Our take on the practical aspects of genome-scale modeling

Some time ago, we started an initiative in the lab to collect all the best (and worst) practices on how to reconstruct, curate, and simulate genome-scale metabolic models (GEMs). A total of 7 colleagues, including a visiting PhD student Gioele Lazzari from the University of Verona, and a MSc rotation student Steven Wijnen, have put their forces together with Pranas to reflect on their experience, share tips, tricks, and caveats on the art of genome-scale modeling. After months of discussions, writing, and polishing, we would like to share the first public version of the handbook as an early Valentine’s present to the community :).

We cover topics from the very basics on data collection to make GEMs to rather advanced material, such as creating context-specific or community metabolic models. The handbook is accompanied by two Jupyter notebooks that can be used for training colleagues new to GEMs, or in your teaching. All materials are licensed under CC-BY-NC, which permits unrestricted non-commercial use of the materials as long as attribution is given.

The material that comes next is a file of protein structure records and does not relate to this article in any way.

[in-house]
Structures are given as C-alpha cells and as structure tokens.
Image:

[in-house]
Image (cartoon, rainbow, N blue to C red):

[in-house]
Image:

It has been a great experience, and the initiative has been received very well by the lab members outside of this writing group. We invite fellow colleagues to contribute with ideas, thinking, and writing, if they see value in a community effort to share their best practices. You are always welcome to drop a line to Pranas on these matters.

Happy modeling!